Mittelmark is married to Sandra Newman, whose beautiful and mind-bending novel The Heavens I thoroughly enjoyed last year. Why not read them both? Newman and Mittelmark are also two of the very best people on Twitter. They are simply hilarious in their different ways: Newman expansive and absurdist, Mittelmark sharply self-deprecating. I often think of Twitter as a huge, noisy, terrible bar that you feel you have to keep going to, because all your friends are there. One reason I keep going back is so I can crowd around their table and listen in.
I also read (and reread) Lauren Oyler’s review essay on Jia Tolentino’s recent essay collection, Trick Mirror. I think Tolentino is a very good writer, but her essays never quite sit well with me. I was frankly annoyed and jealous when her book came out and was universally praised. It can’t be that good, I thought. Oyler, a truly brilliant critic whose prose is sometimes a bit too oblique, explains my unease with Tolentino in a way that goes far beyond either my unease or Trick Mirror iteself: Tolentino is practicing “hysterical criticism,” a kind of performance of humblebragging superiority that conceals underdeveloped ideas beneath a cloud of “relatability.”
In my last newsletter, I wrote about the books and essays that make up a kind of cultural decoder ring for me. Oyler’s essay is now a crucial addition to that canon. Worth noting: While Tolentino’s career is unthinkable without Twitter, Oyler has quit the platform altogether.
News & events
If you’re in New York tonight, please go hear the brilliant jazz pianist and writer Deanna Witkowski perform and speak at Fordham on “Jazz is Love: The Life and Music of Mary Lou Williams.”
If you’re in Columbia, South Carolina on Thursday, go hear Ross Douthat speak about “The Crisis of Meritocracy” as part of the Barnes Symposium lecture series. (My father-in-law is a driving force behind this series.)
If you’re in Dallas on Sunday, Feb. 16, come hear me speak about “The Limits of Vocation” at Christ Lutheran Church on Lovers Lane. Thanks to Christ’s new pastor, Ben Dueholm, for inviting me! (I already knew Ben through Twitter, further complicating my love-hate relationship with it.)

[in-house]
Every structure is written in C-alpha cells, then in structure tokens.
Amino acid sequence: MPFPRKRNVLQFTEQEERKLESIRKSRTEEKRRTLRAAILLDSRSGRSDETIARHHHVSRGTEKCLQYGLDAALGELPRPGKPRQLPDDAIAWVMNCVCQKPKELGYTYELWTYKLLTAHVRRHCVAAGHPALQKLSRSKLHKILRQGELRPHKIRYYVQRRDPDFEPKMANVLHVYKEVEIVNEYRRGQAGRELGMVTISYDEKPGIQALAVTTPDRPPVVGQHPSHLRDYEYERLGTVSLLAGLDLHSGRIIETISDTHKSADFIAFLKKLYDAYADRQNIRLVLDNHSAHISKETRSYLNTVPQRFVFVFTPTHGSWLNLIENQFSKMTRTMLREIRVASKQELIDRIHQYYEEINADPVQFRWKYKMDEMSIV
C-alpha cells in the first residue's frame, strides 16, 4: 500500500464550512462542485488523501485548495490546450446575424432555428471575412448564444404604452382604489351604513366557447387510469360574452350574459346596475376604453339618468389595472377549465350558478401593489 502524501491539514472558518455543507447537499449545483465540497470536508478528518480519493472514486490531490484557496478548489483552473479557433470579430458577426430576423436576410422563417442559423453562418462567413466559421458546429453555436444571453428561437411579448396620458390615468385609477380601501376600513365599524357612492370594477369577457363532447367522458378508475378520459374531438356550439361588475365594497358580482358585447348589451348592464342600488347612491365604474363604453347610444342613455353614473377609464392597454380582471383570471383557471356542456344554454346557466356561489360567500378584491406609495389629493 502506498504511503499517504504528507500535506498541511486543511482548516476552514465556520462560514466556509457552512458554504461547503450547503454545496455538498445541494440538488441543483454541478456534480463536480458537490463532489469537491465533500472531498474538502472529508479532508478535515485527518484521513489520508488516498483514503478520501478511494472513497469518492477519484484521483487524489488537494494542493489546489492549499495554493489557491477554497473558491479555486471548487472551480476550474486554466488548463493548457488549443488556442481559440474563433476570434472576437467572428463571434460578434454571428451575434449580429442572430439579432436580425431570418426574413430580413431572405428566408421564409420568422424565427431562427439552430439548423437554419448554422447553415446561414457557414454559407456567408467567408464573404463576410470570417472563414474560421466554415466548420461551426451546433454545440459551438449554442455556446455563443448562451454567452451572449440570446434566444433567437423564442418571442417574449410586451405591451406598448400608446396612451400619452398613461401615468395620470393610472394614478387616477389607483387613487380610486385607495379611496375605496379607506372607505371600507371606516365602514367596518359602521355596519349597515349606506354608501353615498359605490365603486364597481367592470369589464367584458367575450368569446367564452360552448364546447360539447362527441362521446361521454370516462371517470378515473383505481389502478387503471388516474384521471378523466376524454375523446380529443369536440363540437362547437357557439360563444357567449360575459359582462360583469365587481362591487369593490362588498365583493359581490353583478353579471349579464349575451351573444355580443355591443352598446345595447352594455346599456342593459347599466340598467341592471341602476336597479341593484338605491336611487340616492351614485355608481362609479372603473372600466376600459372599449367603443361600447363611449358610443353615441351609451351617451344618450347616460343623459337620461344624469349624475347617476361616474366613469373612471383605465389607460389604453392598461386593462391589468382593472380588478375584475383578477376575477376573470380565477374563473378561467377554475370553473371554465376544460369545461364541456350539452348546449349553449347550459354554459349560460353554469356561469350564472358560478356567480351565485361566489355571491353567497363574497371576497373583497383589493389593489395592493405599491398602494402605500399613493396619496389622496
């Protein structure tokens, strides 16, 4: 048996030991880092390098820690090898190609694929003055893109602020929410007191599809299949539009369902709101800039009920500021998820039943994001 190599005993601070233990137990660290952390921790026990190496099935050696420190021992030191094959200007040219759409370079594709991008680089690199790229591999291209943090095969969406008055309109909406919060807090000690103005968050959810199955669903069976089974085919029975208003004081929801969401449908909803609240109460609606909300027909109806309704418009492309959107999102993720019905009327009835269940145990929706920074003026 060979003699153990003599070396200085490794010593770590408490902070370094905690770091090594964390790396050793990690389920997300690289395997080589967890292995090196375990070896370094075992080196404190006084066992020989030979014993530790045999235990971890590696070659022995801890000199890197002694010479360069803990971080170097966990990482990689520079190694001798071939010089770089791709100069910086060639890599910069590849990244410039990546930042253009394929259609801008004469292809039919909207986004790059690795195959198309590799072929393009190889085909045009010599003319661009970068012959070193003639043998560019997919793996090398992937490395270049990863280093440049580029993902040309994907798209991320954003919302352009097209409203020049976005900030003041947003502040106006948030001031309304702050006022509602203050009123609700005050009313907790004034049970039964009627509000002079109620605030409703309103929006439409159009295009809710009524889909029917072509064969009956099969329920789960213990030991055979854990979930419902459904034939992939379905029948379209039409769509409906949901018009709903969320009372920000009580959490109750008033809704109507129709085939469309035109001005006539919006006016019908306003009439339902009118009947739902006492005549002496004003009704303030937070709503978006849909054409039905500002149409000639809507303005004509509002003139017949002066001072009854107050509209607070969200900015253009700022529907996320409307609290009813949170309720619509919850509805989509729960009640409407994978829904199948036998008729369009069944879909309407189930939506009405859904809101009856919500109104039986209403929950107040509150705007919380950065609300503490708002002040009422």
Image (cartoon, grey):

Thanks as well to my longtime friend Jason Morgan, who got my essay, “The 40-Year Old Burnout” included as a passage for the new edition of Cracking the AP English Language & Composition Exam. It’s a test-prep handbook; there are 11 practice questions about my essay. When I took the test, I only got 8 correct. I’m not sure if that’s a good performance on the exam, but it’s probably not an impressive performance for the author. I have often thoguht that authors don’t have any privileged position in interpreting their work; once a thing is published, the author is just another reader. This performance would seem to support that hypothesis.
I need your help
I am looking for two kinds of people to interview for a chapter of my book on burnout: people who have experienced burnout, and people who work for places that have humane policies and cultures that help prevent and heal employees’ burnout. If you know someone like this who might be willing to speak with me, please invite them to get in touch. They can email me at firstname.lastname@example.org. If you’d like, you can also send them a link to some of my earlier work on burnout, so they know where I’m coming from. And if you fit either description, please reply to this message. Thank you!